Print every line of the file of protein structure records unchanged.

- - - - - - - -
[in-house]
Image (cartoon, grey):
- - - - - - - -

[in-house]
Image (cartoon, grey):